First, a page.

Philip Rivers will have the NFL’s longest active streak of consecutive starts by a quarterback after Eli Manning gets benched by the New York Giants this weekend.
And Rivers isn’t happy about it.
“I honestly thought it was pathetic, really,” Rivers said Wednesday when asked about the Giants’ decision.
“The guy, he’s been out there 210 straight games with no telling how many bumps and bruises and injuries for his team,” Rivers added before practice with the Los Angeles Chargers.
“Won two Super Bowls, MVPs, the respect he’s had in the locker room over the years, really the respect he’s gained throughout the league, you feel like the guy has earned the opportunity, if they are deciding in fact to go another direction (after the season) … to finish off these last five weeks.”
Manning’s streak of 210 consecutive regular-season starts is expected to end Sunday when Geno Smith starts for the Giants against Oakland.
Manning has started 222 consecutive games overall, including 12 playoff games, since getting the starting job during his rookie season on Nov. 21, 2004.
Although Rivers and Manning aren’t close friends, their careers have been inextricably linked ever since both quarterbacks were chosen high in the 2004 draft and then traded for each other.
Rivers said he had been thinking a great deal about Manning since hearing the news.
“I just thought it was too bad, just the way it was handled,” Rivers said. “As a fellow quarterback, it was tough to watch him yesterday. You can only imagine how he felt. But he handled it like a pro, like he’s handled everything. But you just hate to see him … you felt he’s earned that. He’s earned that, to go out there for the last five weeks.”
Rivers will start his 188th consecutive regular-season game on Sunday when the surging Chargers (5-6) host the winless Cleveland Browns.
Rivers has started 196 consecutive games overall, including all nine of the Chargers’ playoff games since he became their starter for the 2006 season opener.
Rivers’ streak was in jeopardy two weeks ago after he self-reported symptoms of a concussion, but he has given back-to-back outstanding performances for the Chargers, who are surging into the playoff race.
His regular-season streak is the fourth-longest in NFL history, trailing only the streaks by Brett Favre (297) and the Manning brothers. Peyton Manning started 208 straight regular-season games.
“Eli and Peyton both, you think about those two Mannings and what they’ve done over 400-something games those guys were out there in a row,” Rivers said. “Speaks to their toughness, their competitiveness, and to their team.”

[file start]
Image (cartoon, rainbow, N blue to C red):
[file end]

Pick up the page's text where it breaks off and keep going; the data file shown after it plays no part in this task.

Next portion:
Rivers, Eli Manning and Ben Roethlisberger were all first-round picks in the 2004 draft, and all three are now among the top 10 passers in NFL history.
The San Diego Chargers had the top pick, but Manning and his father, Archie, said Eli would refuse to play for them.
The Chargers selected Manning anyway, forcing him to pose with a jersey and then-commissioner Paul Tagliabue for one of the most awkward photos in draft history.
The Giants then selected Rivers with the fourth overall pick and traded him to the Chargers along with draft picks used on two eventual Pro Bowl players: linebacker Shawne Merriman and kicker Nate Kaeding.
While Manning broke into the Giants’ starting lineup as a rookie, Rivers waited two years behind Drew Brees. Rivers took over in 2006 and eventually became the 10th-leading passer in NFL history with 48,781 yards. Manning is seventh with 50,625 yards.
Manning has endured an up-and-down season with the injury-plagued Giants, but Rivers is still going strong with the revitalized Chargers.
He is the AFC’s offensive player of the week after putting up one of the best games of his career in Dallas on Thanksgiving, going 27 of 33 for 434 yards with three touchdowns.
Rivers will turn 36 years old next week, and he hasn’t decided how much longer he wants to play. He kept his family in San Diego when the Chargers relocated to Orange County in the offseason, but he has shown no public interest in slowing down, and his starting job is in no jeopardy.
But Rivers also realizes that could all change at any time.
“Shoot, I don’t take it for granted,” Rivers said of his streak. “A lot of it is I’ve been blessed to be healthy enough to be out there, and there’s probably a little element of toughness, I guess, thrown in there, and then it’s a heck of a job by your teammates all collectively to help you stay upright.”